We have developed a methodology for including effects of chemical reactions in coarse-grained computer simulations such as those that use the united atom approximation. The new coarse-grained chemical reaction model (CGCRM) adopts the philosophy of kinetic Monte Carlo approaches and includes a probabilistic element to predicting when reactions occur, thus obviating the need for a chemically correct interaction potential. The CGCRM uses known chemical reactions along with their probabilities and exothermicities for a specific material in order to assess the effect of chemical reactions on a physical process of interest. The reaction event in the simulation is implemented by removing the reactant molecules from the simulation and replacing them with product molecules. The position of the product molecules is carefully adjusted to make sure that the total energy change of the system corresponds to the reaction exothermicity. The CGCR model has been applied to simulations of laser irradiation of chlorobenzene at fluences such that there is ablation or massive removal of material. Two simulations, one for photothermal ablation and one for photochemical ablation, are compared to each other and to experimental data. In the photothermal simulation, all the laser energy goes into heat In the photochemical simulation, the photon cleaves the C-Cl bond creating two radicals that can undergo subsequent abstraction and radical-radical recombination reactions.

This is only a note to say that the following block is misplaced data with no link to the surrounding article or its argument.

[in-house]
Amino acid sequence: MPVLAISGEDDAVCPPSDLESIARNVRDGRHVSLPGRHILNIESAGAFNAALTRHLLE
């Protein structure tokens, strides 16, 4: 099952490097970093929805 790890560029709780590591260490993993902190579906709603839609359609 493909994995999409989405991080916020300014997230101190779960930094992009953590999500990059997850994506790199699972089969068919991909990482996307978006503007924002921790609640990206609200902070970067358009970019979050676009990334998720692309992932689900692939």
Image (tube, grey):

All Science Journal Classification (ASJC) codes
- Physical and Theoretical Chemistry
- Surfaces, Coatings and Films
- Materials Chemistry